JUST as you can’t judge a book by its cover, neither can a beef producer judge a bull by looks alone.
When two sires look similar (they’re both from the same breed, both have the same weight and both are structurally sound), how does one tell which will produce the most fertile daughters or progeny with the best marbling?
The truth is, nobody can tell, by looks alone.
But that’s why producers have access to breeding values.
They allow stakeholders to see ‘under the hood’ and know, with a high degree of confidence, a sire’s genetic potential in their herd. It takes the guesswork out of picking a high-performing sire.
MLA has produced a series of short ‘pick the performer’ videos to demonstrate that looks, on their own, don’t tell the full story. Rather, a fuller and clearer picture can be built by incorporating breeding values into bull buying.
The ‘pick the performer’ videos are part of MLA’s new genetics hub (genetics.mla.com.au) which provides a one-stop-shop of tools and resources, aimed at demystifying genetics and breeding values.
Click the links below to access the ‘Pick the Performer’ video relevant to your region.
What have other tropical cattle producers gained from genetics?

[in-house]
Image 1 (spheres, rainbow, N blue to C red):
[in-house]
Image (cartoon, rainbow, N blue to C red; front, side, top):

In the video below, meet tropical cattle producer Russell Lethbridge. He shares his journey with breeding values and how they’ve accelerated the performance of his herd.
Russell and his wife Donna manage Werrington Cattle Co, a commercial tropical cattle operation, based north of Hughenden in North Queensland.
“Without using genetics to improve production results, the family business would have been put under extreme pressure to even exist,” Russell Lethbridge
What have other temperate cattle producers gained from genetics?
Meet temperate cattle producer Andrew Carruthers. In the video below he shares his journey with breeding values and how they’ve accelerated the performance of his herd.
Andrew runs a commercial temperate cattle and prime lamb operation in NSW.
“The performance of our kg/ha has been outstanding. It’s a combination of genetics and also understanding our country and the way we manage our livestock,” he said.